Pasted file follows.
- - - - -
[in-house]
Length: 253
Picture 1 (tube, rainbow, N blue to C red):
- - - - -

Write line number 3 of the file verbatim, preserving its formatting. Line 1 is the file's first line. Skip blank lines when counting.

Picture 1 (tube, rainbow, N blue to C red):